Cape Town – International ratings agency Fitch's decision on Friday to downgrade South Africa’s sovereign credit rating to sub-investment grade, so-called junk status, just days after S&P Global also downgraded the country, "is proudly brought to South Africa by" President Jacob Zuma, the Inkatha Freedom Party said.
Fitch Ratings downgraded government’s long-term foreign and local currency debt to "BB+" from "BBB-", a non-investment grade rating. "The decision by Fitch Ratings to downgrade South Africa to junk status hot on the heels of [S&P Global's] similar decision earlier this week is not a surprise but remains of grave concern as it is the poorest of the poor who will bear the brutal brunt of this decision's effects amid high unemployment and stunted economic growth. This downgrade is proudly brought to South Africa by Mr Zuma," IFP spokesperson Mkhuleko Hlengwa said.
This credit downgrade to junk status effectively meant that it would be more costly for South Africa to borrow, and the rand would be adversely affected, increasing the cost of imported items.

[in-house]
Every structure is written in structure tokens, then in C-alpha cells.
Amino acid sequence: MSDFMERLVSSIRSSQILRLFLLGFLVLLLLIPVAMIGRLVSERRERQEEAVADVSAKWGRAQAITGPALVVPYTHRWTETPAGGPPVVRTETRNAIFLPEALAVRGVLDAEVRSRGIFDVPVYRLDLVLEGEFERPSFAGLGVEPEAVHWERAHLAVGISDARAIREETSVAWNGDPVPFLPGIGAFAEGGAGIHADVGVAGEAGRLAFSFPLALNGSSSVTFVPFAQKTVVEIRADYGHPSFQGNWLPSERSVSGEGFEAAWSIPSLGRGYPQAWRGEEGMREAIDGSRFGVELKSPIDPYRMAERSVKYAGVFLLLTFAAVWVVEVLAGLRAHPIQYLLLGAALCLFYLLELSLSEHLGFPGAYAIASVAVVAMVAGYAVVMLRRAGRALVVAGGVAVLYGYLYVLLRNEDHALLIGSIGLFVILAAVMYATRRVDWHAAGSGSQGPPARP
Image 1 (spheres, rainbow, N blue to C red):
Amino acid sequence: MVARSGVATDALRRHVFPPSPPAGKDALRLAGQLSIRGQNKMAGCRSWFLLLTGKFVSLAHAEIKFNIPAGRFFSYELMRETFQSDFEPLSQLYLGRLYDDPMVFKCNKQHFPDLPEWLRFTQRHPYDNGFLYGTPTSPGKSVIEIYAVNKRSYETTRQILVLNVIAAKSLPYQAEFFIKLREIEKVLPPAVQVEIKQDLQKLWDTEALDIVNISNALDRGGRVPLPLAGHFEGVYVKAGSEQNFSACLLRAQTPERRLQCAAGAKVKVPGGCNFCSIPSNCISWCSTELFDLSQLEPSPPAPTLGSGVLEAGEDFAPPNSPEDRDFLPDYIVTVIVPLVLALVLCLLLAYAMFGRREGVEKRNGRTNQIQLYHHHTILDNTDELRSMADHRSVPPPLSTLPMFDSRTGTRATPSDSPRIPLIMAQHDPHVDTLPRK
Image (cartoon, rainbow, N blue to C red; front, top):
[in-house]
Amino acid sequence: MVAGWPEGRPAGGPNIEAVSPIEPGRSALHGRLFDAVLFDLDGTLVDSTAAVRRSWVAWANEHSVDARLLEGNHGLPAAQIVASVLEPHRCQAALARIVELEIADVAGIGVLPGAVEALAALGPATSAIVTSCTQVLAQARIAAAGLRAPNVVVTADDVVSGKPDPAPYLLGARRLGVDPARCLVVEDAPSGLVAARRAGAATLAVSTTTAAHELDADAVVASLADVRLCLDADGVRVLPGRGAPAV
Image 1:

The IFP had consistently warned that South Africa’s economy was not something to willy-nilly play with because it was not immune to external factors such as ratings agencies, Hlengwa said. Repeatedly, in the face of the threat of downgrades, the IFP had warned Zuma against reckless, ill-informed, and irresponsible decisions around economic matters because they would have detrimental effects for South Africa. The chickens had come home to roost. Zuma "simply does not get it".
"The economy is not an instrument to settle petty factional and political scores within the ANC; and every time Mr Zuma ventures down this avenue it is South Africans that suffer. "The IFP calls on all South Africans to not give up the struggle for good, clean, transparent, and trustworthy governance. If the ANC cannot remove Mr Zuma then an active citizenry must do so because ultimately it is the citizenry which is suffering under the Zuma regime. "Our democracy has bred a regime and a dictatorship, and now is the time to draw a line in the sand and say this rot ends here and goes no further. Our economy and our future can ill-afford the continuation of Mr Zuma in office.
"On the 18th of April parliamentarians must act in the best interests of South Africa and vote Mr Zuma out to avert further damage to our economy. This downgrade adds fuel to a burning economy and the South African Reserve Bank will most likely hike the prime lending rate above 10.25 percent. South Africa is in dire straits," Hlengwa said.